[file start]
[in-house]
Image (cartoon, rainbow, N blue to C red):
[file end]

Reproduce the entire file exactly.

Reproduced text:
[in-house]
Image (cartoon, rainbow, N blue to C red):